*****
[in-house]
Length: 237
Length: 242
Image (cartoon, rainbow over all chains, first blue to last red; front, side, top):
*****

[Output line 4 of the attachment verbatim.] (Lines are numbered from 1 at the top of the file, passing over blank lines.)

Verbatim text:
Image (cartoon, rainbow over all chains, first blue to last red; front, side, top):